Quickly following the first proclamation, President Lincoln on the 19th of April proclaimed the first blockade of Southern ports from South Carolina to Texas, which was afterward extended, April 27th, to the ports of North Carolina and Virginia. Another proclamation, May 4th, called for about 40,000 volunteers for three years, and ordered an increase of the regular army by 22,000 soldiers, and of the navy by 18,000 seamen. Orders were also issued to seize all dispatches in telegraph offices; to authorize martial law with suspension of the writ of habeas corpus in certain places; to prohibit sales of munitions of war to Southern States--these and other minor measures showing that actual war was at hand. Under this policy Washington city became a military camp, and the frowning visage of war was on all the country.
       The unmistakable import of all these coercive measures caused the secession of Virginia, North Carolina, Tennessee and Arkansas; at the same time involving Missouri and Kentucky in civil war, and causing the first blood of the great struggle to flow April 19th on the soil of Maryland. Virginia seceding took possession of Harper's Ferry and the Gosport navy yard, thus acquiring a large amount of machinery and munitions, but found Fortress Monroe so well garrisoned as to make its seizure impossible. Virginia troops were rapidly organized by Maj. Gen. R. E. Lee, and with such equipments as could be secured were posted at Harper's Perry, Norfolk and other points. The States seceding with her also occupied all forts and arsenals they could seize, and began in earnest the organization of military commands for the use of the Confederacy.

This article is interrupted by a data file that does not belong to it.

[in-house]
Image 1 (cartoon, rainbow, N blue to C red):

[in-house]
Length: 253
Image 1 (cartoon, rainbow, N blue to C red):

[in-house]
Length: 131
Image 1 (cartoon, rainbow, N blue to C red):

North Carolina was as loath as Virginia to leave the Union, conservatively avoiding all acts that would place the State in antagonism to the general government. Certain forts were seized by a premature popular attack; but the governor caused them to be restored at once. Nothing warlike occurred until the attempt was made by the reinforcement plan to put South Carolina in peril, and the demand on the State to furnish its quota of troops to put down the so-called rebellion. The governor declined to obey the requisition and took the forts of the State, the arsenal at Fayetteville and the mint at Charlotte into his possession. The State seceded May 20th, and within a month raised a force of over 20,000 volunteers.
       The great middle State of Tennessee was so indispensable to the Confederacy that its tardy action produced alarm. The governor urged immediate secession after the fight over Sumter and President Lincoln's call on Tennessee for troops, but the State was hampered by the objection to secession which controlled almost the entire eastern section. Prominent leaders of different parties joined the governor, and at length, in May, the State agreed to enter into an alliance or league with the Confederate government, placing under Confederate control the entire military force, and the question of secession was submitted to the people. This temporary action resulted in the legal secession of this invaluable State and its incorporation with the body of the Confederacy. The governor being authorized by the legislature rapidly organized a large provisional army. Batteries were established on the Mississippi river, several thousand troops were concentrated in west Tennessee, and others were posted in east Tennessee and in camps at other places. Within two months after the passage of the act of May 6th, the energetic governor had put 30,000 troops in the field. The State went at a bound to the front line of its associates.